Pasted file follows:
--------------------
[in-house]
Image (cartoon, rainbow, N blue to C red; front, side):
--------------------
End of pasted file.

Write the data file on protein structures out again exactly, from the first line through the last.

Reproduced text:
[in-house]
Image (cartoon, rainbow, N blue to C red; front, side):